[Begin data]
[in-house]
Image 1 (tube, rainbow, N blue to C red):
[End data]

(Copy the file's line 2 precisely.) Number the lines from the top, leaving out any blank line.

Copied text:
Image 1 (tube, rainbow, N blue to C red):